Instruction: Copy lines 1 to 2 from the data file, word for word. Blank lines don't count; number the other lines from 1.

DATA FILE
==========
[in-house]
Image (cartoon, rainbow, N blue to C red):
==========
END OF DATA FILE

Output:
[in-house]
Image (cartoon, rainbow, N blue to C red):